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I am using a framework that decorates a form by adding a field_with_errors class around the labels and inputs. I want to style these such that an asterisk appears after the input element.

<div class="field_with_errors"> Label: </div>
<div class="field_with_errors"> <input type="text"/> </div>

The :after selector works fine with the div, however this inserts content after the label too:

See: http://jsfiddle.net/zLHMN

Modifying the selector to target just the input, and the asterisk disappears entirely

See: http://jsfiddle.net/zLHMN/1/

Is it possible to insert content after the input only just using css?

Thanks for any help.

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marked as duplicate by Oriol May 17 at 15:37

This question has been asked before and already has an answer. If those answers do not fully address your question, please ask a new question.

    
Whenever using selectors, etc. I always ask "which browser, which version" first. –  Michael Durrant Mar 23 '12 at 14:23
    
IE8+, latest FF and webkit –  Chris Mar 23 '12 at 14:26

4 Answers 4

up vote 22 down vote accepted

Input elements are replaced elements. Pseudo-elements, such as :after will not work on these elements.

Options:

  • Use a container, such as a <div> or <span>.
  • Adjust the border-left (or even a border-image), margin-left and/or padding-left properties to add a visual indication at the left side.
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By use a container - I assume you mean change the markup? See my other comments I'm working with constraints make this undesirable. I'm not sure I completely follow what you are saying using margin and padding. But applying a red border-left does create a marker of sorts. This is GoodEnough(tm) for now... see jsfiddle.net/zLHMN/7 Thanks! –  Chris Mar 23 '12 at 15:38

Here's another approach: add an empty <span></span> right after the input, and target that in CSS using input.field_with_errors+span:after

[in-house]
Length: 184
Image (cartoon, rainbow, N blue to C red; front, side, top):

http://jsfiddle.net/br522ca9/

I'm using this approach in AngularJS because it will add .ng-invalid classes automatically to <input> form elements, and to the form, but not to the <label>.

If you have absolutely no control over the HTML, I would try changing the border-color of the <input> instead.

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add another class to the div of the input field.

 <div class="field_with_errors"> Label: </div>
 <div class="field_with_errors whatever"> <input type="text"/> </div>

the css

.field_with_errors{
display: inline;
color: red;
 }
.whatever:after{
content: "*"
}
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These are generated tags so I would have to modify 3rd party code to do that. –  Chris Mar 23 '12 at 14:28
    
use javascript's .addClass attribute.. –  Sevag Akelian Mar 23 '12 at 14:42
    
What's an addClass attribute? Do you mean the jQuery addClass function? –  Chris Mar 23 '12 at 14:51
    
ah yeah the function not attribute..my bad.. –  Sevag Akelian Mar 23 '12 at 14:57
    
Styling in script should always be a last resort - I'd rather hack the framework to change the markup than rely on script. Oh well. –  Chris Mar 23 '12 at 15:30

You should probably restructure your DOM. You could do something like...

<div class="field_with_errors">
    <label for="myfield">Label: </label>
    <input id="myfield" type="text" />
</div>

...or any of the label/input combinations described here.

Your first :after selector will then work. And you're using proper html syntax to specify a label.

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The framework I am using generates these tags. So a css only solution is much more preferable. –  Chris Mar 23 '12 at 14:25

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